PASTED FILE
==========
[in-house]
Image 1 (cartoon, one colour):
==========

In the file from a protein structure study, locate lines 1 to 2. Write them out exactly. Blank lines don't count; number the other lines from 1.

[in-house]
Image 1 (cartoon, one colour):